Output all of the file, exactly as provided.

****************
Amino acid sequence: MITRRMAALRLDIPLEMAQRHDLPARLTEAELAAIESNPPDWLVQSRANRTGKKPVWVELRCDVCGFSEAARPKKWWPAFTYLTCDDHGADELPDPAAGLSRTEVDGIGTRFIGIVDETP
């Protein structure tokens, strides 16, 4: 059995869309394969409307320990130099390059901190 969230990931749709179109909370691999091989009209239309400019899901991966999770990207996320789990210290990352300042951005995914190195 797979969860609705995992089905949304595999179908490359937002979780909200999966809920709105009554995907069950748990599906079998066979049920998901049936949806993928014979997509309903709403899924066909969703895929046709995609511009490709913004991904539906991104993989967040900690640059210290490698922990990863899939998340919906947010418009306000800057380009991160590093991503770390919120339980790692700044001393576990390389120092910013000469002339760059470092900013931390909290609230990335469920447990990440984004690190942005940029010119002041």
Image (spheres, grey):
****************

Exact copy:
Amino acid sequence: MITRRMAALRLDIPLEMAQRHDLPARLTEAELAAIESNPPDWLVQSRANRTGKKPVWVELRCDVCGFSEAARPKKWWPAFTYLTCDDHGADELPDPAAGLSRTEVDGIGTRFIGIVDETP
């Protein structure tokens, strides 16, 4: 059995869309394969409307320990130099390059901190 969230990931749709179109909370691999091989009209239309400019899901991966999770990207996320789990210290990352300042951005995914190195 797979969860609705995992089905949304595999179908490359937002979780909200999966809920709105009554995907069950748990599906079998066979049920998901049936949806993928014979997509309903709403899924066909969703895929046709995609511009490709913004991904539906991104993989967040900690640059210290490698922990990863899939998340919906947010418009306000800057380009991160590093991503770390919120339980790692700044001393576990390389120092910013000469002339760059470092900013931390909290609230990335469920447990990440984004690190942005940029010119002041």
Image (spheres, grey):